Creator of many key digital projects like UPI, FasTag, and Aadhar Enabled Payment System (AePS), NPCI is in the initial testing phase of a new voice-based payment system. This service will be for feature phone users in low connectivity zones, Economic Times Reported.
This service is likely to be rolled out on top of the interoperable UPI Protocol. However, the differentiating feature would be that users won’t require a third-party app or stable internet connection to finish their transaction.
Details & Brains behind
The “Interactive voice response” (IVR) project is currently in the beta-testing phase. RBI is closely monitoring this project as per the provisions laid under the central bank’s regulatory sandbox. The proper rollout would be subject to approvals from RBI after the completion of the first phase of testing.
Bengaluru-based private fintech firm ‘Ubona Technologies’ is the brains behind this project. This is done in collaboration with a private sector bank. However, the name of the lender is not disclosed yet.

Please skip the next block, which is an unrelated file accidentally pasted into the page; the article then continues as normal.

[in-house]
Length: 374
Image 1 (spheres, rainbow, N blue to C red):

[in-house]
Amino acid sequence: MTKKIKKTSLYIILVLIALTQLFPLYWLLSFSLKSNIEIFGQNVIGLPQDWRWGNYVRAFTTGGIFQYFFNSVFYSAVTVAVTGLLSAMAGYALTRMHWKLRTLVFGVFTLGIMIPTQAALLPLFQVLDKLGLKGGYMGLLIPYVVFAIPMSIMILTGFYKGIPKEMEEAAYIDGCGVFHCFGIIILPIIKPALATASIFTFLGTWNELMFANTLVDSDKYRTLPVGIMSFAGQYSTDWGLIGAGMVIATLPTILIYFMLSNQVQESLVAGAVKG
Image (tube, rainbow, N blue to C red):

How will this work?
According to NPCI, the service will allow users of feature phones to make merchant payments and peer-to-peer (p2p) transactions by generating an authentication PIN linked to their bank account and debit card as well as their registered mobile number.
This is very similar to how UPI PIN works. However, instead of a smartphone through third-party apps, feature phones will be able to generate authentication PINs through a common dial-in service which may be operated by NPCI. This PIN can then be used at merchant points enabled for such transactions. Herein the account holder can use their feature phones to select the payment size and merchant details through a Dual Tone Multi-Frequency (DTMF) system. This will guide the user through a two-factor authentication flow in local languages.
Another side of the system
It also involves acquirer banks enabling their merchants with proxy identity numbers that can be used to authenticate the acceptance side of the transaction. The existing interoperable standards between banks on the UPI network allow two or more banks to communicate and vet small-ticket payments in real-time.
An official said that at present there are several legs of this system that need to be solved for mass adoption. For instance, there is a need to strengthen the security and access, as well as enabling banks with concurrent calling infrastructure which can handle multiple calls at multiple times.